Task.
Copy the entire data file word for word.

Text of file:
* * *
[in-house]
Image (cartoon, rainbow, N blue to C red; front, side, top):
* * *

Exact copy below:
[in-house]
Image (cartoon, rainbow, N blue to C red; front, side, top):